let bytes_count = self._stream.read(&mut buffer).await?;
            let body = buffer[1..bytes_count].to_vec();
            let opcode = buffer[0] as u16;

            (opcode, body)
        };

        Ok(IncomingPacket { opcode, body })
    }
}

could somebody tell what could be wrong and how to fix this ?

I put println! to the begin and end of the part with read_exact:

} else {
    println!("BUFFER BEFORE: {:?}", limit(self._stream.buffer()));
    let mut buffer = [0u8; 1];
    self._stream.read_exact(&mut buffer).await?;

    // ...

    println!("BUFFER NOW: {:?}", limit(self._stream.buffer()));

    (opcode, body)
}

and got the output:

BUFFER BEFORE: []
BUFFER NOW: [220, 166, 92, 23, 2, 1, 1, 195, 91, 80]
BUFFER BEFORE: [220, 166, 92, 23, 2, 1, 1, 195, 91, 80]
BUFFER NOW: [207, 54, 113, 90, 1, 0, 0, 0, 110, 84]
BUFFER BEFORE: [207, 54, 113, 90, 1, 0, 0, 0, 110, 84]
BUFFER NOW: [110, 84, 70, 97, 2, 0, 0, 0, 0, 2]
BUFFER BEFORE: [110, 84, 70, 97, 2, 0, 0, 0, 0, 2]
// ...

so it seems on next read_exact calling buffer contains previous data. Does it exist the way to clear buffer immediately after read_exact was called ?

Call consume.

Tells this buffer that amt bytes have been consumed from the buffer, so they should no longer be returned in calls to read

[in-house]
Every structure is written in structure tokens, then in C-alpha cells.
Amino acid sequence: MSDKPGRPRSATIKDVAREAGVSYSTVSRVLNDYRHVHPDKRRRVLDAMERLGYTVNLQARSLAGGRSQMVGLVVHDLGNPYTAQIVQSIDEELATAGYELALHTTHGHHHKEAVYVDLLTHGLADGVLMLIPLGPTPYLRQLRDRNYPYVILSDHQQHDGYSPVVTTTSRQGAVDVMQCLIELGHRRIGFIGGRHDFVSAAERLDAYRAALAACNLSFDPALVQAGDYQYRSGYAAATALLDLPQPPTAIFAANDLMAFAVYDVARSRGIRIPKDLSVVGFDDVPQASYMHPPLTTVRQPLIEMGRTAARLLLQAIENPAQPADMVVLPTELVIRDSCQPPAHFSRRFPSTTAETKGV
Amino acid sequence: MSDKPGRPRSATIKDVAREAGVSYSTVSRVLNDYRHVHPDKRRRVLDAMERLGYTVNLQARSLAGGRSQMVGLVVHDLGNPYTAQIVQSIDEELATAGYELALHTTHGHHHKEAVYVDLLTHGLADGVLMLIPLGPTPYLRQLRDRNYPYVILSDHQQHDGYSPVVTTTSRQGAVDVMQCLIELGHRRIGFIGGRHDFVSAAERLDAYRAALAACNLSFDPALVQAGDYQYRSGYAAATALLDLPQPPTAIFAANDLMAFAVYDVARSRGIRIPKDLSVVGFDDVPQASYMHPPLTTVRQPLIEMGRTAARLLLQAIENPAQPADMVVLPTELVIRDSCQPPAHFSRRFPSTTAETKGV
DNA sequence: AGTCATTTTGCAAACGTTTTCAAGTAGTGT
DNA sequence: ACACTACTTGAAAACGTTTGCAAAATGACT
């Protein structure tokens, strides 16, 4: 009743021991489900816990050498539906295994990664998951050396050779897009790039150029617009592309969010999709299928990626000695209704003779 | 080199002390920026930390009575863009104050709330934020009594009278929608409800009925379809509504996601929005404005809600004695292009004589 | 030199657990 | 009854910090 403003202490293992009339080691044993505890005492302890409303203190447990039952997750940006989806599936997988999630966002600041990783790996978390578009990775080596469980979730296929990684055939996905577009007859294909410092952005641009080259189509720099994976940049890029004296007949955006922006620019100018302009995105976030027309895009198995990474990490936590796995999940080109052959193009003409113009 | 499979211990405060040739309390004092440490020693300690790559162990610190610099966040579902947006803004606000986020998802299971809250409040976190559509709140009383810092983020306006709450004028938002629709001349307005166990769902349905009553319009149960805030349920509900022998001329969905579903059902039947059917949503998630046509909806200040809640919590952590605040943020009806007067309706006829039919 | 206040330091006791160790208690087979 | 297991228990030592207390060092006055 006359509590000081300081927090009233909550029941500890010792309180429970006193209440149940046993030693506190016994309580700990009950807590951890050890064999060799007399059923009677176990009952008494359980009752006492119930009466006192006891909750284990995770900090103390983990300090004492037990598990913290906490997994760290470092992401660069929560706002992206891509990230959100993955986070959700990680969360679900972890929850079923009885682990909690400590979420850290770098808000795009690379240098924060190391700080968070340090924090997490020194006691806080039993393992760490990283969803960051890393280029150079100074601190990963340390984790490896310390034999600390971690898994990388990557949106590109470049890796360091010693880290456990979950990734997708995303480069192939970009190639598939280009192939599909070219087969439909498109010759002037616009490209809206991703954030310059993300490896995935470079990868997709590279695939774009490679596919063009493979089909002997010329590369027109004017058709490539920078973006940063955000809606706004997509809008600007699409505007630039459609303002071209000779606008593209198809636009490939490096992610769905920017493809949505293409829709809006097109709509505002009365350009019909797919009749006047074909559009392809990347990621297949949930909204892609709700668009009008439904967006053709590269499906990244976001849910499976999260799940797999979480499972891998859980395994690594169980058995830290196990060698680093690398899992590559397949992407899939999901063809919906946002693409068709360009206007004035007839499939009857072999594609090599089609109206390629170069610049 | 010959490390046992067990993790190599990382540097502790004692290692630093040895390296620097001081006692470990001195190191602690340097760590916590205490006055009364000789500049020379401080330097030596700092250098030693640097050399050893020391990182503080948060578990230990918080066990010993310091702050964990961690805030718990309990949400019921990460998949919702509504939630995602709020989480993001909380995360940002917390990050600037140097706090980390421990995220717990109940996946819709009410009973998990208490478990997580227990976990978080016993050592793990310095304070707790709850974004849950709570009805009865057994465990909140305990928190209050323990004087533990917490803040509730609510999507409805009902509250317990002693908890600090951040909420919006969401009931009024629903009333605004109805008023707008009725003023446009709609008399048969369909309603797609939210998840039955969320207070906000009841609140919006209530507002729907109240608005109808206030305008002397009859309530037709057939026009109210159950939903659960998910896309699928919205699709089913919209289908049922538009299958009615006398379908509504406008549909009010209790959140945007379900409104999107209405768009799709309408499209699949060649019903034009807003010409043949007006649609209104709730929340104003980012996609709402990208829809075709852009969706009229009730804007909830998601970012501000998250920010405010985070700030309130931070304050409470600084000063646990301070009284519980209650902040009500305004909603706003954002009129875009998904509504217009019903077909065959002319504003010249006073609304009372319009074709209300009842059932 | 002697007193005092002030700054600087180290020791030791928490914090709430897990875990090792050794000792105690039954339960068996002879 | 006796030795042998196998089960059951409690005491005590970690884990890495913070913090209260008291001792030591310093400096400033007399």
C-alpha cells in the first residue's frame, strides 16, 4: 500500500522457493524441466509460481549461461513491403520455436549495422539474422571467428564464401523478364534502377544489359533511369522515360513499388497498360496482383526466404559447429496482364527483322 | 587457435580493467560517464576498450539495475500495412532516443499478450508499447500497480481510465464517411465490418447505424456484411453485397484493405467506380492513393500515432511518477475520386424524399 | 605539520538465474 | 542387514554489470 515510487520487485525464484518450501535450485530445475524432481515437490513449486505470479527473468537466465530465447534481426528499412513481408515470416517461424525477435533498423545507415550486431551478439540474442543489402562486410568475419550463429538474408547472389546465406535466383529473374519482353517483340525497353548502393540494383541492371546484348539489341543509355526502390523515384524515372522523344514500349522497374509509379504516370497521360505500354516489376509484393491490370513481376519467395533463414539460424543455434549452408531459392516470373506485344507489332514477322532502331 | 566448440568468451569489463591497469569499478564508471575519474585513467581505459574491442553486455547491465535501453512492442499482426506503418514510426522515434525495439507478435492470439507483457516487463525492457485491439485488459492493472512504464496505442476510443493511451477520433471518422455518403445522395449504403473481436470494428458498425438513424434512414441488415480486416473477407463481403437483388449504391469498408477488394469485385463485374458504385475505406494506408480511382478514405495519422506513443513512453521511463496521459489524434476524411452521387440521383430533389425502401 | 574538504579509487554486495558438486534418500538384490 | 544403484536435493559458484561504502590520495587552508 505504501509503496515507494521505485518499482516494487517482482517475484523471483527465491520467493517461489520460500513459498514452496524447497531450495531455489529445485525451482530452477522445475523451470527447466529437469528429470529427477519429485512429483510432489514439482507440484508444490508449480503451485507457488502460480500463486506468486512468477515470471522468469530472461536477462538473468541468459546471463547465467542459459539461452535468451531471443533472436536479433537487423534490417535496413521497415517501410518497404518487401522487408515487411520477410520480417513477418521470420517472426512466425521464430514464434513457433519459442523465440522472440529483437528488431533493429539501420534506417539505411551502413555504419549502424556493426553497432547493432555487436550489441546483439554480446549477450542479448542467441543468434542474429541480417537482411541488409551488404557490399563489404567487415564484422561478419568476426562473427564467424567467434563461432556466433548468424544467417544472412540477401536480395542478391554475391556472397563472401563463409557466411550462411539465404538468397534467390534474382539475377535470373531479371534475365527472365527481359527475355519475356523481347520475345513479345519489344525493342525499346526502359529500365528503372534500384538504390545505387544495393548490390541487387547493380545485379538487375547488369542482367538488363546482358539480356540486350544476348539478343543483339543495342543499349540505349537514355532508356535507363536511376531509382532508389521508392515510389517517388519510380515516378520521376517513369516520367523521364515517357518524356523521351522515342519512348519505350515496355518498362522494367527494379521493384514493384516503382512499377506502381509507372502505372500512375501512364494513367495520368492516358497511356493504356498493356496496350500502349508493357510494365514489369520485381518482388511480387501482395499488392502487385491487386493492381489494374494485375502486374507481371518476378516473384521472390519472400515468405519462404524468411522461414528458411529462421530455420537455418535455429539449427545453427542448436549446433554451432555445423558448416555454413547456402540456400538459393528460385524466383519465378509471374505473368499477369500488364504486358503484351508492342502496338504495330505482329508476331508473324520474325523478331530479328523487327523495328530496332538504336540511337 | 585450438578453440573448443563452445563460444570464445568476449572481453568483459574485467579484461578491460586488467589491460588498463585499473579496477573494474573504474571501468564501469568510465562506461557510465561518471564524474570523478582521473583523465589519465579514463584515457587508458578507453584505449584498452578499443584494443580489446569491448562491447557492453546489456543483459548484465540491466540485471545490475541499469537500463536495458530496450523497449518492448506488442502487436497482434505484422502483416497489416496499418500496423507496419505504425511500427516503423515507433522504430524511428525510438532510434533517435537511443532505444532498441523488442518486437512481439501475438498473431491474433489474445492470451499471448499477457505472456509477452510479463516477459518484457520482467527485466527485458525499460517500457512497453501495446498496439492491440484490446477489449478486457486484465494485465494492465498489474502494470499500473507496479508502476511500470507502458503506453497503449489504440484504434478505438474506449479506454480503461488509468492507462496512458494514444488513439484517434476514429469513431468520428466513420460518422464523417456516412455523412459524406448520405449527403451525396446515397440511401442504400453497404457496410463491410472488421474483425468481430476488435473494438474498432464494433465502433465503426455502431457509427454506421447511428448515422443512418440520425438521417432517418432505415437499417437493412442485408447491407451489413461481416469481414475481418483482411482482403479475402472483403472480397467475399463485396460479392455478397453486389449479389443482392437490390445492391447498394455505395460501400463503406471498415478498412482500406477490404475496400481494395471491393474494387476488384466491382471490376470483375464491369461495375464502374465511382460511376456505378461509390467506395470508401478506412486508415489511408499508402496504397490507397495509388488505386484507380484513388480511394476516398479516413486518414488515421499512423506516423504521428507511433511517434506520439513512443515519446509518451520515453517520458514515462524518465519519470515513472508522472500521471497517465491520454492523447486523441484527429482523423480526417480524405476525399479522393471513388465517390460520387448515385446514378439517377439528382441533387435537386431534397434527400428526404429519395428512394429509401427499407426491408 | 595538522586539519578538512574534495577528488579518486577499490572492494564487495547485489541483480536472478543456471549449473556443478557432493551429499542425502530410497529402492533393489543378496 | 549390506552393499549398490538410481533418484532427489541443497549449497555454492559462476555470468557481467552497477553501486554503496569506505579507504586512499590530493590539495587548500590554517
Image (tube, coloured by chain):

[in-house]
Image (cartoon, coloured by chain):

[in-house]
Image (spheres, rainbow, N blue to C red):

BufRead in std::io - Rust.

After I added consume at the end of this part (after last read_exact call):

    let mut body = vec![0u8; size - INCOME_WORLD_OPCODE_LENGTH];
    self._stream.read_exact(&mut body).await?;

    self._stream.consume(size);

    // ...

    println!("BUFFER NOW: {:?}", limit(self._stream.buffer()));

    (opcode, body)
}

at the beginning buffer is empty, so I cannot read anything. Probably I should do smth else ?

P.S. this is the code where I use my reader.

Put consumer after the last buffer call, where you don't need the contents anymore.

it was put after the last _stream.read_exact. Btw shouldn't consume be used only with fill_buf ?

They're asking you to put it after the last call to self._stream.buffer(), since apparently this also uses the content of the stream.

Looking at your output, this is behaving as expected. BUFFER BEFORE shows that the buffer has been filled by a call to a read function, and BUFFER NOW shows that the buffered data has been consumed by the call to read_exact.

Taking it as pairs:

BUFFER BEFORE: []
BUFFER NOW: [220, 166, 92, 23, 2, 1, 1, 195, 91, 80]

You started with an empty buffer. You did your thing, now the buffer starts with 220 for the next iteration.

BUFFER BEFORE: [220, 166, 92, 23, 2, 1, 1, 195, 91, 80]
BUFFER NOW: [207, 54, 113, 90, 1, 0, 0, 0, 110, 84]

As expected, since you've not called any read function, the buffer at the beginning of this iteration contains the same data as the buffer at the end of the last iteration. You do a read, and the buffer contents change.

BUFFER BEFORE: [207, 54, 113, 90, 1, 0, 0, 0, 110, 84]
BUFFER NOW: [110, 84, 70, 97, 2, 0, 0, 0, 0, 2]

The pattern repeats itself; each iteration starts with the unread data from the last iteration already in the buffer, and ends with a new buffer contents containing something that's not yet been read.

You should look for a different explanation.